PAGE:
Posts Tagged ‘Aliya Mustafina’

12 to watch in 2009 — a recap

January 8, 2009

Japans Kohei Uchimura is likely to be very successful in 2009.

Japan's Kohei Uchimura is likely to be very successful in 2009.

Posted late last month and early into this one, here are my picks for who will make waves in 2009:

    Sabrina Gill, Canada
    Kohei Uchimura, Japan
    Jeffery Wammes and Epke Zonderland, Netherlands
    Viktoria Komova, Russia
    Fabian Hambuchen, Germany
    Larissa Iordache, Romania
    Samantha Shapiro and Jordyn Wieber, USA
    Alexy Bilozerchev, USA
    Tatiana Nabieva, Russia
    Nathan Gafuik, Canada
    Cui Jie, China
    Benoit Caranobe, France

Honorable mentions: Peng-Peng Lee and Charlotte Mackie, Canada; Becky Downie, Great Britain; Koko Tsurumi, Japan; Paola Galente, Italy, Ksenia Semyonova, Aliya Mustafina and Nailia Mustafina,  Russia; Sergei Khorokhordin, Russia; Alexander Vorobyov, Ukraine; Stephen Legendre, USA; Thomas Bouhail, France; Zou Kai, China; Louis Smith, Great Britain. Good luck to all in 2009.

Aliya Mustafina’s bars

November 29, 2008

Aliya Mustafina’s bars are great. Line and swing similar to Nastia Liukin’s. But Aliya, now 14, already looks as tall as Nastia at 18. Is she going to become a Svetlana Khorkina? Can her body take it if she does?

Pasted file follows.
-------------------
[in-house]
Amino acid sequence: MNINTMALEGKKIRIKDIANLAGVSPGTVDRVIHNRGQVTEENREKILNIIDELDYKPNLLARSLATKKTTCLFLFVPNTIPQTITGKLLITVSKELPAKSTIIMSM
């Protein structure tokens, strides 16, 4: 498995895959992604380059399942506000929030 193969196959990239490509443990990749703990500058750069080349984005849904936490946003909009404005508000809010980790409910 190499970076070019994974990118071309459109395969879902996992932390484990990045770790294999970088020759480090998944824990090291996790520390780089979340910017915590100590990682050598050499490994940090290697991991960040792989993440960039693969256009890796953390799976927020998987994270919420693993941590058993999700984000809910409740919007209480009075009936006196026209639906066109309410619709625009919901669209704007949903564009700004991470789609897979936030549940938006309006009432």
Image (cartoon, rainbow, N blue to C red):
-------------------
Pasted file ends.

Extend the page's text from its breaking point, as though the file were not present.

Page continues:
And could someone please tell me why the Russian juniors are always collectively so great but so rather underwhelming once they become seniors?

Aliya Mustafina, 2007 Voronin Cup, Uneven Bars:

Nastia Liukin, Uneven Bars, 2004:

Little siblings — big potential

November 25, 2008

Family acts are fairly common in gymnastics. Parents tote all their kids, not just one, to the gym to wrench out energy at a young age, stuff like that.

Seems like good gymnastics runs in families too — one need only look to the Hamms (Betsy Hamm, Paul and Morgan’s older sister, was an NCAA Champion for the University of Florida during the late 90s) and the Roethlisbergers (John’s big sis Marie was a contender for the 1984 U.S. Olympic team) and a few others (the Khorkinas, Svetlana and Yulia, the Dantzchers, Jamie, Jalynne and Janelle, the Mackies, Gael and Charlotte, and on and on) for affirmation.

Here are a few new faces with “old” names poised to make a splash during the coming quad (although whether their splash will be as big as those their siblings have made is TBD).

Dasha’s sis Natalia Joura, International Level 10, Floor Exercise:

Chellsie’s sis Skyler Memmel, 2008 PKI Elite Qualifier, Balance Beam:

The incredible Nailia Mustafina, younger sister of up-and-coming Russian junior Aliya Mustafina, 2008 WOGA Classic, Balance Beam:

On the men’s side, there’s Glen Ishino, Allyse’s younger brother.

Glen Ishino practices parallel bars in the Cal Bears gym:

Missed anyone? Drop me a comment.

Come to think of it…

August 4, 2008

Chinas Yang Yilin is the latest to be suspected of being underage.

China's Yang Yilin is the latest to be suspected of being underage.


This doesn’t really seem like the face of a 16-year-old, either.